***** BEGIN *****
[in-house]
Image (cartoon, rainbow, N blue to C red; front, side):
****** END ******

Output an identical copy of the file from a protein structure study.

[in-house]
Image (cartoon, rainbow, N blue to C red; front, side):